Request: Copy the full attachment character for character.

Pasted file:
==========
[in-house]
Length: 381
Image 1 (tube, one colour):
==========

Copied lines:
[in-house]
Length: 381
Image 1 (tube, one colour):